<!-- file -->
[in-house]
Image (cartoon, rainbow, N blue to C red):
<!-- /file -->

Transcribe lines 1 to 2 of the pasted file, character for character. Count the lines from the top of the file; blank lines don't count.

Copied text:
[in-house]
Image (cartoon, rainbow, N blue to C red):